I spoke with Hayley Meisel, a junior double majoring in English and communications, who studied abroad in London. She attended University College London, a renowned university located in the heart of the city through a Tulane-sponsored exchange program.
Q: What drew you to London?
Being an English major, I only had a limited number of places I was eligible to study abroad in and still receive major credit. I took a British Literature class during my sophomore year at Tulane and loved it and felt like London had everything I was looking for and more.
Q: What were your classes like compared to classes at Tulane?
I went to the University College London (UCL) and was definitely expecting a lighter workload compared to my classes at Tulane. A lot of people who have studied abroad say that classes abroad are easier than in the U.S. but I had just as much work abroad as I usually have at Tulane. On the other hand, most classes assigned one big final project or paper that was due at the end of the term that we were expected to work on outside of class instead of nightly homework or midterm exams. It was not as easy as it sounds and I’m super happy to be back in my Tulane classes.
Q: What’s a typical day like?
My apartment was about two miles away from my university so I would have to either walk or use public transportation to get there. Luckily, the public transportation system in London is really easy to use but I preferred walking to have the opportunity to see a little bit more of the city. After picking up a coffee (or a tea!), I’d spend a few hours in class and doing work on campus before meeting my friends to try a new restaurant for dinner. We tried to do as much as we could while we were there because we knew being abroad with each other was a once in a lifetime opportunity.
Q: What’s your favorite thing to do in the city?
I visited the Tower of London twice when I was in London and fell in love with it. It’s definitely a tourist attraction but it’s really unique compared to some of the other things in the city and very rich in history. On a more regular basis, I loved thrift shopping at Camden Market or on Brick Lane (refer to Hayley’s thrifting article!).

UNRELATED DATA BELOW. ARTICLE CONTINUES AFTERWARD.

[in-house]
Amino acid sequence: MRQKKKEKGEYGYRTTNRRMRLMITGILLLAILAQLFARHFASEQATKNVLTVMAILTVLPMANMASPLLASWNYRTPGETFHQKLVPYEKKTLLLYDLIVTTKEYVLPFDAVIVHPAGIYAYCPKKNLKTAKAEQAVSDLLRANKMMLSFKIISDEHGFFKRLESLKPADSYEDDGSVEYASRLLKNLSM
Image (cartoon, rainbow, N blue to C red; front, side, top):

Q: Where did you travel? Is it easy to get around?
I was lucky enough to have the opportunity to travel all over Europe and had the best time. I went to Portugal, Germany, France, the Netherlands, Prague, Austria, Spain, Italy, and the Czech Republic. London has six major airports in and around the city as well as an international train station with trains to France, the Netherlands, and Belgium. There are tubes and trains that will take you directly to the airports as well as buses. It definitely made traveling a lot easier.
Q: What advice do you have for someone studying abroad with friends?
I went abroad with three of my close friends. We lived in a small two-bedroom apartment together in Shoreditch. I would say that if you’re planning to go abroad with your friends, make sure they are people you are comfortable being with day in and day out. I was with the girls I went abroad with 24/7 because we traveled together most weekends and our apartment in London was really small. We had the best time and I would do it again in a heartbeat but I definitely couldn’t go abroad with just anyone.
Q: What is something someone considering studying in London should know?
I was worried that there wouldn’t be enough “culture” in London compared to some other European cities. I was so wrong. There is so much history in London and the people are absolutely amazing. I had never before left the United States and I’m so happy I chose London to be my home base in Europe. I loved not having to worry about a language barrier while still able to enrich myself in a new city. I’m obviously biased, but I think London is the best city to go abroad to in Europe and I am looking forward to going back 🙂